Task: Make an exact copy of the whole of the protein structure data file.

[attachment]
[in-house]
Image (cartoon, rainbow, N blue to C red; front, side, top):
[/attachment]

[in-house]
Image (cartoon, rainbow, N blue to C red; front, side, top):